Malta has a long and chequered history with aviation. Being a British colony from 1800 to 1964 meant that the Island had its first taste of aviation already during the very early days of flight. With the United Kingdom being a pioneer in the sector, the Maltese quickly became accustomed to high-tech aircraft from both the Royal Air Force as well as the Fleet Air Arm of the Royal Navy.

  • Ta’ Qali


    Ta’ Qali

  • European Regional Development Fund


    European Regional Development Fund

  • Investing in Competitiveness for a better quality of life


    Investing in Competitiveness for a better quality of life

  • €345,000

    Cost of Project


  • €292,729

    Total EU Allocation


Aviation plays an important role in the island’s development with several key episodes dotting some of the most remarkable dates in its history books. These include important milestones such as the construction of the first seaplane base at Kalafrana during World War I to the sights of terror during World War II.  Air crashes and hijacks remain among the worst memories of recent history.

This background has ingrained a deep-routed interest in aviation both among locals as well as among the many visitors and enthusiasts who travel to the island. In this context, the Malta Aviation Museum is the must-see location for its varied display of historical jets, helicopters, general aircraft and engines.

Due to lack of space and no available roofed exhibition area, a number of aircraft exhibits were stored in dismantled form for decades. EU funding facilitated the construction of a new Main Exhibition Hangar which is large enough to house most of the museum’s collection of aircraft and historic aviation artefacts.

Based on a floor display area of 1,400 square metres, the hangar was built on an ex-RAF airfield in Ta’ Qali, costing some €345,000, with 80 percent of the funds coming from the European Regional Development Fund.

The new hangar, built opposite the Air Battle of Malta hangar, shelters some historical aircraft such as the DC-3 Dakota, a Bell 47G helicopter, the first aircraft of the AFM, a Bird Dog, which was the AFM’s first fixed wing aircraft, two British Meteor jet fighters from the 1950s, and an Italian Fiat G91, the front section of a Lightning, one of the earliest supersonic fighters, and the cockpit section of a BAC 1-11 jetliner.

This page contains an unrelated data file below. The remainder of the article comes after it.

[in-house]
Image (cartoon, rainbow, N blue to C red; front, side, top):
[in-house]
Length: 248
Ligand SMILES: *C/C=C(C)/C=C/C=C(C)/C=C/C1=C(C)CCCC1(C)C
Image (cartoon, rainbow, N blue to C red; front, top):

The construction of a new hangar also allowed the Museum to focus on its aircraft restoration projects, which in the past few years included the completion of the Hurricane and a much-needed boost to the restoration of the DC-3 featuring the colours of Eagle Aviation, which was used on air services to Malta in 1952.

While the Museum might be a living testament to history, the construction of its new hangar was future-looking, being one of the first of its kind to seek to improve its sustainability. As well as an eco-friendly modern lighting system which aims to improve energy efficiency, the project also features the creation of a new covered reservoir adjacent to the hangar which collects run off water from the hangar and nearby areas.

With this important upgrade, the Museum today continues to contribute to the memory of our forefathers and the battles they fought to safeguard our freedom and prosperity.

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